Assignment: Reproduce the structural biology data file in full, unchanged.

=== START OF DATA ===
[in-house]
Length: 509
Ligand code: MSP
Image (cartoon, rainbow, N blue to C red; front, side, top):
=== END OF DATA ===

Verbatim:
[in-house]
Length: 509
Ligand code: MSP
Image (cartoon, rainbow, N blue to C red; front, side, top):